Indirect immunoperoxidase (IP) staining was evaluated for sensitivity and specificity in detecting Colorado tick fever (CTF) virus antigen in infected cell cultures and infected mouse tissues, and then was applied to a study of congenital CTF infection in mice. The sensitivity of IP staining was comparable to that of immunofluorescence staining in detecting CTF antigen in infected cell cultures. Endogenous peroxidase activity of mouse tissues caused nonspecific reactivity in the IP system, but this could be abolished by treatment with sodium azide and hydrogen peroxide without destroying CTF antigen. Offspring of mice infected with CTF virus during the 2nd week of pregnancy showed a highly significant increase in the incidence of stillbirths and neonatal deaths as compared with offspring of uninfected controls. CTF antigen or virus was demonstrable in only a low proportion (7%) of embryos, ill newborns or stillborns examined, but a high proportion of mice examined at a time when maternal antibody would be lost (6 and 12 weeks) showed CTF antibody, indicating a higher incidence of infection. IP staining showed potential for use in studies of viral pathogenesis in the mouse model.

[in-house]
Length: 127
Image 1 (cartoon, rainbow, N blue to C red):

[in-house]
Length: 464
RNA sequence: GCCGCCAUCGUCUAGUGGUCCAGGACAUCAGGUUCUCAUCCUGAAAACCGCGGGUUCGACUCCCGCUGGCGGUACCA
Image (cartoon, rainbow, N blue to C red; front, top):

Present address: Microbiology Laboratory, Department of Public Health, 101 Grove Street, San Francisco, California 94102.